Create a better user experience
When it comes to decentralized exchanges—or any decentralized business—users are few and far between. As a result, retaining what few users you have is paramount. Acquiring a new customer is anywhere from five to 25 times more expensive than retaining an existing one, according to Harvard Business Review.
For Kyber Network, they understood this problem early, and reasoned that the user experience was one of the key ways to keep users coming back.
“It’s still hard for any dapp or protocol to acquire new users because of the learning curve to set up a new account and protect your own private key,” Luu says, adding, “The solution is going to be a lot of things combined together, you have to educate the users and you have to provide a better facility for them.”
One way of testing if your user experience is up to scratch is by getting people to use it and speak to them about their experience. Kyber Network has been doing this by providing free DAI—as long as users try out its token swap service KyberSwap and turn it from one cryptocurrency to another.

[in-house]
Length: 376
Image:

"It’s a good way to onboard the users and educate them on the platform, with the learning curve to generate a new ETH wallet and protect the private key. We see a lot of new users after these campaigns,” Luu says.
The key idea is to give people a reason to keep coming back, and to provide open channels for people to feel like they are a part of developing a platform.
Growing and scaling a company is difficult. Growing and scaling a decentralized business is even more so. The above ideas can help you keep hold of what matters. We'll be exploring this idea again and again on Startup 3.0 so stay tuned.